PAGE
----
I shifted OtherSpace to Slack and away from its traditional home on a PennMUSH platform accessible via client software mostly for convenience.
Simply put: I could be on Slack far more often than on SimpleMU* or MUSHClient, given the demands of my job and family life.
I liked the idea of saving scenes through threaded conversations. I appreciated the value of people being able to visit the Slack community and find stories in progress. I thought it was at least somewhat helpful to provide the capacity for scenes to be more asynchronous, less-reliant on everyone being online at the same time.
However, over time it became apparent that:
· Letting stories drag out proved terminal to momentum, no matter how convenient that was to me and other participants. The platform doesn’t offer the immediacy of the old MUSH environment. I knew that was a weakness going into the project in 2016, but I had hoped we could overcome it.
· Keeping those threads as an archive sometimes just showed how slow scenes really were. Sometimes it took months for me to get back into them. Horrible. That’s on me.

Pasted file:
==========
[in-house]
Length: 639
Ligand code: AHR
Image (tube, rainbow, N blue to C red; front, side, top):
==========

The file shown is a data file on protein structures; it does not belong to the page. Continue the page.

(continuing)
· The threads wouldn’t last forever in Slack unless we paid a premium price to keep them around – to the tune of $8 per user per month. No thanks.
So, I decided that we should keep an online community presence – through Discord, a platform much more aligned with gaming. But we’re taking the stories back to the MUSH – jointhesaga.com port 1790 – where they truly belong.
This won’t work without a commitment from all participants – including myself, of course – to throw ourselves into the mix and restart the beating heart of this MUSH. We’ve made a few solid first steps, with Newt upgrading the PennMUSH codebase to the most recent patch (version 1.8.7 patch level 0) and Colchek latching onto the CSpace database.
In future posts, I’ll talk about the big changes ahead for the OtherSpace story and where you might fit in.